New Books Network

David Day, “Conquest: How Societies Overwhelm Others” (Oxford UP, 2008)
People will often say that “this land”–wherever this land happens to be–is theirs because their ancestors “have always lived there.” But you can be pretty sure that’s not true. It’s probably the case that somebody else’s ancestors once lived on “this land,” and somebody else’s before that. From the very... Read More
Mark Bradley, “Vietnam at War” (Oxford UP, 2009)
My uncle fought in Vietnam. He flew F-105 Thundercheifs, or “Thuds.” He bombed the heck out of an area north of Hanoi called “Thud Ridge.” He’d come home on leave and tell us that it was okay “over there” and not to worry. I didn’t because I was sure “we”... Read More
Mark Bradley and Marilyn Young, “Making Sense of the Vietnam Wars” (Oxford UP, 2008)
What to think about the Vietnam War? A righteous struggle against global Communist tyranny? An episode in American imperialism? A civil war into which the United States blindly stumbled? And what of the Vietnamese perspective? How did they–both North and South–understand the war? Mark Bradley and Marilyn Young have assembled... Read More
W. Taylor Fain, “American Ascendance and British Retreat in the Persian Gulf Region” (Palgrave-McMillan, 2008)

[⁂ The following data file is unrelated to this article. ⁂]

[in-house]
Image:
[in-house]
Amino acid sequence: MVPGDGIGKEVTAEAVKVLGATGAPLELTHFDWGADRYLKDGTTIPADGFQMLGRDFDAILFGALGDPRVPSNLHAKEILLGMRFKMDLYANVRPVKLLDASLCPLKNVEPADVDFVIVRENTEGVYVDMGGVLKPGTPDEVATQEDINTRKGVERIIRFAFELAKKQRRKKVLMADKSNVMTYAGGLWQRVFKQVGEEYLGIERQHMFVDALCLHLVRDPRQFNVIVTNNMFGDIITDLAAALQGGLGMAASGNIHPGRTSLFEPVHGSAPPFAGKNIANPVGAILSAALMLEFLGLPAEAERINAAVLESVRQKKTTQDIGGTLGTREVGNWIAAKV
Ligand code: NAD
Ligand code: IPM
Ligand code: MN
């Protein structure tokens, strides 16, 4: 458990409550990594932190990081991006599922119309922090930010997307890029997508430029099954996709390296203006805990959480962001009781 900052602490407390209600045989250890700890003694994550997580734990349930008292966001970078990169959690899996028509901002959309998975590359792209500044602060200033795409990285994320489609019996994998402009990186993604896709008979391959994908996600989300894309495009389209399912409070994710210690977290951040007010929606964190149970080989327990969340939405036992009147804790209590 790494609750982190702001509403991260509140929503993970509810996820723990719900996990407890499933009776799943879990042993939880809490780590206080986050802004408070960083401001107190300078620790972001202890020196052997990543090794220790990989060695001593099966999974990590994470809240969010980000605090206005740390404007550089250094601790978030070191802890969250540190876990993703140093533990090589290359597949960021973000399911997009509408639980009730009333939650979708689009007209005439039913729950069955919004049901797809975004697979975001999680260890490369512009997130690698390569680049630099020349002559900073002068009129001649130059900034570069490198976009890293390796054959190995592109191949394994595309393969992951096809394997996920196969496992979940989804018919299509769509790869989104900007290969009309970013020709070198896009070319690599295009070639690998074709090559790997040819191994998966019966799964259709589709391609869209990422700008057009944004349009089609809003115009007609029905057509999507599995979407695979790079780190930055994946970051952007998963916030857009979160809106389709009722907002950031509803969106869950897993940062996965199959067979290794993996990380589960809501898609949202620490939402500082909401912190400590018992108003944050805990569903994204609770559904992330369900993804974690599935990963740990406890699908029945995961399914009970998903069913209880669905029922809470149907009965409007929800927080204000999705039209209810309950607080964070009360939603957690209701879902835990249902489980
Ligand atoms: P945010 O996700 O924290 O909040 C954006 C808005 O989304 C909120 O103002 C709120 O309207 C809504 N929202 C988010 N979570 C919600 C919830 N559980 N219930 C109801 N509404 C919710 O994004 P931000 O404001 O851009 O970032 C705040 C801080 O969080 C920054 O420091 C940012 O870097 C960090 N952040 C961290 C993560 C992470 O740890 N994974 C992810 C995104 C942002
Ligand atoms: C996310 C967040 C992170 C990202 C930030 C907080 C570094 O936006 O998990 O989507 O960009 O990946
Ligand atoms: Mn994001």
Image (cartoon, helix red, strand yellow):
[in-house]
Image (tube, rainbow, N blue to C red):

If you ask most Americans when the U.S. became heavily involved in the Persian Gulf, they might cite the Iranian Hostage Crisis of 1981 or, more probably, the First Gulf War of 1990. Of course the roots of American entanglement in the region run much deeper, as W. Taylor Fain... Read More
Hans Kundnani, “Utopia or Auschwitz: Germany’s 1968 Generation and the Holocaust” (Columbia UP, 2010)
It’s pretty common in American political discourse to call someone a “fascist.” Everyone knows, however, that this is just name-calling: supposed fascists are never really fascists–they are just people you don’t like very much. Not so in post-War West Germany. There, too, it was common to call people “fascists. But... Read More
Charles Lane, “The Day Freedom Died: The Colfax Massacre, the Supreme Court, and the Betrayal of Reconstruction” (Henry Holt, 2008)
Why did Reconstruction fail? Why didn’t the post-war Federal government protect the civil rights of the newly freed slaves? And why did it take Washington almost a century to intercede on the behalf of beleaguered, oppressed African Americans in the South? In a terrific new book, Charles Lane explains why.... Read More
Kenneth Moss, “Jewish Renaissance in the Russian Revolution” (Harvard UP, 2010)
For us, every “nation” has and has always had a “culture,” meaning a defining set of folkways, customs, and styles that is different from every other. But like the modern understanding of the word “nation,” this idea of “culture” or “a culture” is not very old. According to the OED,... Read More